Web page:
• Encourage your partner to just go take a nap. If she doesn’t want to get out of the house (sometimes being too far from the baby causes more anxiety) let her go lay down. You know how deprived of sleep you both are, give her some time to rest and rejuvenate 

Listen to Mom & Help Her

Moms aren’t good at asking for help, so sometimes she won’t start a sentence with “I need help with…” but rather she might complain about how long it takes to get a bottle made when the baby is crying and hungry. Mom might mention how her legs are sore and her back hurts all the time. Listen closely, read between the lines and problem solve.

  • Make the bottle, or wash the pump parts and have them all ready for when mom needs it. Stay a step ahead if possible. 
  • If she was prescribed any sort of medication, keep track of the schedule and give her what she needs, when she needs it.
  • Also, listen to the words she is saying and help her find postpartum care if needed. Postpartum depression and anxiety are a very real thing, and if she is experiencing this, support her in finding help.

Bond With Your Baby

This is your baby too, and you are also transitioning into fatherhood. It is natural for mom to get up and be the first to tend to the baby’s needs, but it doesn’t have to be that way.

  • Take over some feedings if possible, especially during the night. This helps build your bond with your little one, but also relieves some stress on mom
  • Learn what soothes your baby and be the first to jump in and try it. Mom will appreciate you making the effort
  • Be a present father. Be sure you know how to do it all – the bath time routine, the feeding schedule, etc. Mom will also feel confident that she doesn’t have to do everything, but you have proved yourself to be fully willing and capable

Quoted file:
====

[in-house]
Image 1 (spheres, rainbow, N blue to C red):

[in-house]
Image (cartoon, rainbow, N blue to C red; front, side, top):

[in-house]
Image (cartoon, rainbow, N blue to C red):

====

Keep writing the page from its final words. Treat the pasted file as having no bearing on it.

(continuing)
Set Boundaries with Visitors

This fourth trimester that you are in (the first 12 weeks after birth) can be emotionally draining and physically challenging. Mom might be programmed to be the ‘yes man’ and feel like she can take on the world (although she can do this, she shouldn’t right now). You need to be her voice and support, and help her set healthy boundaries. 

Specifically, this means managing visitors/phone calls/Facetimes. It is now your job to make sure the visitors only show up when it works for your family, mom isn’t going to be up to having a revolving door during those first few days and weeks. Know when it is time to politely ask visitors to leave, or to end a Facetime call. Mom is going to get burnt out faster now than she ever did before. Help her set healthy boundaries with the people around her.

Your partner has just given birth to your child – she has labored and pushed for many hours or she underwent major surgery just to be sure your child was delivered safely. How can you ever show enough thanks and appreciation? It’ll be hard, but you can start by being there for her at home, and helping her with all she needs- emotionally, physically and around the house. 

At the same time, don’t forget about you too, Dad! Welcoming a new baby into your life is a transition for the whole family, you also will need breaks and time for yourself – it’ll be exhausting and overwhelming at times. Mom gets it, she is feeling the same way. You and your partner are now teammates and need to be there for each other. Consider reading the article, 5 Ways to Avoid Arguments as New Parents, to really brush up on what to expect and how to avoid some of that seemingly unavoidable tension. Congratulations again to you Dad! Soak up every snuggle, it all goes by way too quickly.